Eczema Atopic Dermatitis a knol / article by Brian Cho, MD, Ph.D.; originally appeared HERE.
Eczema is a common skin disorder that affects about one of every ten children. The condition can occur at any age but is most common in infants and young adults. Eczema occurs in all races. Ninety percent of patients who will develop eczema will have symptoms by five years of age; ninety-five percent by fifteen years of age. There is no single lab test or biopsy that will diagnose eczema. The diagnosis is based upon the appearance and symptoms of the skin rash, as well as whether related medical conditions, such as hay fever or asthma, are present in the patient or the patient’s family members.
Skin affected by eczema is dry and itchy and can become red, thickened, and scaly as the condition worsens. The skin rash can be limited to a just a few areas or be more widespread. In infants, the face and scalp are the most common sites. In children and young adults the bends of the wrists, elbows, neck, knees and ankles (flexural regions) are most common. Itching is often the most bothersome symptom. Some patients may scratch the skin until it bleeds or crusts; when this occurs the skin can become infected. The skin rashes frequently come and go. In seventy five percent of affected children, the condition greatly improves with adolescence, but twenty-five percent of patients may be affected throughout life, although not as severely as in early childhood.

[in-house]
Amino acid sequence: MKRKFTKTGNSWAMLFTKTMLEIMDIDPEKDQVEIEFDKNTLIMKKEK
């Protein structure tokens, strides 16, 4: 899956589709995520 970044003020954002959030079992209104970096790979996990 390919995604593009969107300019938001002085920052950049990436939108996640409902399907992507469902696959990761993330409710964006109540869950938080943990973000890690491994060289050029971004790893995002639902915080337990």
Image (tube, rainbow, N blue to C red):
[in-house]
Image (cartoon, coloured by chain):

Eczema is also known as atopic dermatitis. Having eczema suggests there may be a tendency to develop hay fever or asthma. These three conditions are known as the atopic triad, as about half the children who develop eczema will also develop hay fever or asthma. Eczema is not contagious, so it cannot be passed from child to child like an infection. However, eczema can increase a child’s risk of developing certain bacterial and viral skin infections.
In many children, the risk for developing eczema is inherited from one or both parents. Scientist do not believe one particular gene is involved; more likely it is a combination of genes plus the right environmental conditions that cause eczema to develop. Environmental triggers of eczema include allergies, infection, emotional stress, and conditions that dry the skin such as cold weather or drying soaps. Eczema tends to improve during warm, humid months and worsen during the fall and winter.
Because eczema is a skin condition that is partly due to dry skin and partly due to irritated and inflamed skin, treatments are directed towards moisturizing and repairing the skin barrier and reducing inflammation and itch. On occasion, when severe eczema is associated with certain skin infections, treatment of the infection also improves the eczema.